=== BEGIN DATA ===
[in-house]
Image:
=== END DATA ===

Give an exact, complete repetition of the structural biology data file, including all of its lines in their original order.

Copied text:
[in-house]
Image: